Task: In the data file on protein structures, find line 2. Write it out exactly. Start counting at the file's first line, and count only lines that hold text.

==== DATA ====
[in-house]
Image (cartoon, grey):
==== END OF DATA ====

Image (cartoon, grey):